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Handy Haversack: The Importance of Loose Ends (For PCs & GMs)

Handy Haversack: The Importance of Loose Ends (For PCs & GMs)

Loose ends give agency to players and the GM, without sacrificing satisfaction!

The more I invest in Third Party Pathfinder, the most I’ve been itching to run a homebrew campaign. And yet after a few years of Society Play, I’m beginning to see how many of my GM skills have helped me play more fulfilling characters. And the more time I’m spending analyzing my past successes and failures, the more I’m learning to appreciate all the loose-ends I was so afraid of earlier in my career. But I’m getting ahead of myself.

A loose end is defined as: “a story-element that hasn’t been fully explained”. Now for the sake of future article material I’m going to append this definition with: “…but could be“. While traditionally also viable loose ends, I’m going to categorize the intentionally vague as mythos. These are the bigger-than-life stories in your campaign that can never have a resolution as satisfying as leaving them unanswered. But I’m going to leave that topic for another day. (Or will I?!)

The application of a good series of loose-ends should be obvious for most gamemasters. After all, most adventures are stories that players want to resolve. But nothing will make a group lose their enthusiasm for a game than tying up your one and only loose end. And just having one additional hook will make players lose their sense of agency, as though the campaign were “on the rails”. But an adequately prepared GM doesn’t need to catch a player like that. Rather, they should have enough loose ends that the players are given the illusion of choice. With enough loose ends, the fish won’t see the hook.

Planning enough tantalizing loose ends allows a GM to prepare potential encounters that don’t feel forced. Planned a bandit ambush on the way to the next town? It’s not a big adjustment to their tactics if the players decide they want to explore the mountain cave some NPC in your last tavern mentioned. And hey, maybe the guy from the tavern was actually working for the bandits to bait the adventurers! Why I bet the next town even has a reward for the players if they bring him back alive!

Now each group requires a different balance of preparation and improvisation to properly handle interconnected loose ends, both as a GM and a player. When most people think of players having loose ends, they might cringe remembering a friend’s bestiary thick binder full of characters relevant only to their convoluted backstory. But before you start setting word count requirements on your player’s backstories, consider instead discussing with them the value of leaving things vague. A GM is much more likely to include story elements from your backstory if they are allowed space to use them to help tie-together an unrelated loose end. You don’t need to name your sensei at the monastery. Heck, don’t even stress about where it is on the map. The more freedom the GM has, the more likely you’ll visit there between dungeon crawls. And, hey, maybe you’ll get to visit before its waylaid by that dragon you were supposed to slay.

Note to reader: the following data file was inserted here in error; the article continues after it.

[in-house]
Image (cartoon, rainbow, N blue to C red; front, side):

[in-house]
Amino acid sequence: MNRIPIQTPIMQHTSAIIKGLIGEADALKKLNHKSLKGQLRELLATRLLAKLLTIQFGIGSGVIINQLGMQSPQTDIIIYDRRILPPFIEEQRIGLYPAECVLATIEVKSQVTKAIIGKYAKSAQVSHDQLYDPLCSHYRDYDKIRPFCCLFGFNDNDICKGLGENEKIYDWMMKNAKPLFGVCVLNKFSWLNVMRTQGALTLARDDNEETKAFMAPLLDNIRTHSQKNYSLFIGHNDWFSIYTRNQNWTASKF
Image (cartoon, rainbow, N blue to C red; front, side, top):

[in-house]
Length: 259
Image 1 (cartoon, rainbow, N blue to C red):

There is no perfect formula when it comes to foreshadowing and loose-ends. You just have to learn what works for you and your group(s) through trial and error. But, after several years, I’ve learned a few tricks:

  1. Take Notes: If your the GM, try to keep track of the loose ends that catch your player’s interests. If your a player, make sure the GM knows your loose-ends in advance so they can take note.
  2. Take Note: …of each other. Read your players and try to figure out what is catching their interests and what themes will satisfy them. Likewise, make sure your GM understands your comfort level when it comes to using your character.
  3. Be Flexible: If your the GM, be prepared to sacrifice your plans to satisfy your players. If your a player, be prepared to have your story element used against you.
  4. Be Insatiable: Don’t rely on your backstory or timeskips for all your loose ends. Leave a cryptic note for the GM and explain that you don’t know what it means, but your character does.
  5. Be Unreliable: There is nothing wrong with an unreliable narrator. NPCs don’t always know what they are talking about. Even the research mechanic is limited to whatever was written in the books the PCs are reading. Just make sure there is plausible deniability beyond “they were dumb”.
  6. Be Fair: Make sure each player has the opportunity to show-off. Make a note of how many times you let each individual player’s hair-brained theory turn into a plot point, and try to use elements from everyone’s backstories. If a player is taking over the RP, feel free to throw them a red-herring.
  7. Keep on Rolling: Not everything will, can or should be resolved. Some resolutions will be unsatisfying. Enjoying collaborate storywriting means enjoying the suffering of your characters, themes and plots. Especially when dice are involved.

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